How to Clean Silver Through Electrolytic Process
You can always clean your silver pieces the old fashioned way, using silver polish and elbow grease. However, science has provided a much less labor-intensive solution to your grimy silver problems. It's the electrolytic process, a method that separates the tarnish-causing chloride and sulfide ions from the silver. No need for a laboratory to conduct this experiment; it's safe and easy to do at home using common household products.
Lightly Tarnished Silver
Tear off a large sheet of aluminum foil and lay it in the bottom of a glass baking dish or plastic container.
Lay a single layer of silver pieces on top of the aluminum foil. Leave excess silverware out to clean in the next batch, as you will likely need to repeat the process to get all your silver clean.
Mix a half gallon of hot water and two tablespoons of baking soda in a large pitcher. Pour the mixture over the silver pieces until they're completely covered. Allow the batch of silver to soak for about ten minutes, during which time an ion exchange will take place between the aluminum foil and the silver.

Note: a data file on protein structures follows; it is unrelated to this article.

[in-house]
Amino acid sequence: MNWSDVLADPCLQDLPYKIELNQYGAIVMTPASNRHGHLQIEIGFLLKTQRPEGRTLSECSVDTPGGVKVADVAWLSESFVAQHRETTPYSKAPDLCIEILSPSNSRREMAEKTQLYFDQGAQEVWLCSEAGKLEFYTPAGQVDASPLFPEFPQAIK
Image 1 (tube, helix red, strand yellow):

Remove the silver pieces and buff each one dry individually with a soft cloth. Move the pieces to an appropriate padded case as soon as possible. Use a clean piece of foil and a fresh baking soda mixture for any subsequent batches.
Heavily Tarnished Silver
Mix one liter of water and one tablespoon of baking soda in a large pot. Add a piece of aluminum foil.
Turn the stove burner on high and bring the mixture to a boil.
Drop the silverware in to the pot for about 10 seconds or a little longer if very heavily tarnished. Remove silver with kitchen tongs.
Things You Will Need
- Glass baking dish or plastic container
- Aluminum foil
- Hot water
- One to two tablespoons of baking soda
- Soft cloth
- Long-handled spoon
- Large pot
- Kitchen tongs